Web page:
How airport shutdown grounded drone users
The popularity of drones is soaring – but recently they’ve hit the headlines for the wrong reasons.
Over the last month, Britain’s two busiest airports – Heathrow and Gatwick – have been brought to a standstill because of reported drone sightings.
At Gatwick 1,000 flights were cancelled over three days just before Christmas, causing chaos for travellers.
Drones, or unmanned aerial vehicles, used to be available for military purposes only, but are now readily available on the High Street for less than £40.
Most of those in the air are small, remote-controlled quadcopters used by hobbyists and photographers. Others are used in the construction, agricultural and engineering industries.
The law has yet to catch up with the rapid advances in technology, and the Government now wants to extend drone exclusion zones around commercial airports from 1km to 5km with additional extensions from runway ends.
From November 30, operators of drones weighing between 250g and 20kg will need to be registered, and police have been given new powers to tackle illegal use.
For some drone users, it can make them feel like they are being treated like criminals.
For leisure centre manager Bill Sheargold, aged 59, from Willenhall flying a drone is a fun hobby and he takes the responsibilities that come with owning one seriously.
“I have been flying drones for about 18 months with no problems just by following simple rules and common sense,” he said.
“I am concerned that there might be more restrictions just because of what’s happened at Gatwick and Heathrow, I would hate for there to be a knee-jerk reaction because most drone pilots are well aware of the rules and the drone code everyone follows.”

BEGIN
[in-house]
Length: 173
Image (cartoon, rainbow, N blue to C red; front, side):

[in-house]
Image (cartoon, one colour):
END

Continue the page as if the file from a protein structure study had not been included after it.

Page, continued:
When going out with his DJI Phantom 4 Pro, he picks spot away from any built up areas or large crowds.
His device, like many others, comes with software that allows him to check the surroundings first to ensure it’s safe to take off.
“These drones come with lots of software and an app to keep you out of trouble,” he said. “It lets you know about any flying restrictions in the nearby area or any events where they might be crowds as you have to be 150 metres from them.”
“You would be silly not to check it,” says fellow flyer Ryan Hawtin, 36, from Wednesfield, who owns a DJI Mavic Air.
Ryan uses his to track and photograph him while he’s cycling and running, and says while most drone owners want to abide by the rules, they also want to keep any expensive kit safe.
“Most of us are responsible and we’ve spent the time trying to learn everything there is to know about drones so we are well aware of the rules. There are fines and possible imprisonment if we don’t.
“Some people spend anywhere between £200 and £2,000 on their drones so they aren’t going risk damaging it.
“Before the incidents at Gatwick and Heathrow people would see me out with the drone and maybe think it was a toy but since what happened I’ve noticed people starring and wondering whether I’m allowed to be doing it. I would hate there to be so many restrictions that I couldn’t take photos of my family at the beach.”
Paul Hutchinson who owns Virtual Shropshire Drone Rangers and specialises in aerial photography and video says people using drones in the county need to take extra care.
“Shropshire is a designated military low flying area which creates additional challenges for drone operators,” says Mr Hutchinson, who is a Civil Aviation Authority (CAA) qualified drone pilot.
“Civilian aircraft are not allowed to fly below 500ft, except take off and landing, and drones are not allowed above 400ft so in normal circumstances there is a 100ft safety gap.
“However military aircraft can operate at any height and in Shropshire it is not unusual to see helicopters from RAF Shawbury flying at tree-top height. “We always telephone RAF Shawbury to let them know our location when working during their operational hours.
“It’s important to keep a good lookout for low flying aircraft. Also be aware of livestock. Horses in particular can be very nervous of drones.”
Luke Dell from Wolverhampton runs a business specialising in aerial cinematography and photography as well as building surveys and 3D mapping.
The 26-year-old, who teaches young people how to fly drones safely, says he advises for flyers to never take their eye off their device while it’s in the air and to be aware of their surroundings.
“Ensure you can see your drone at all times – this is known as visual line of sight.
“Drone pilots need to keep clear of people, vehicles and buildings by at least 50m, and congested areas and large gatherings of people by at least 150m,” he said.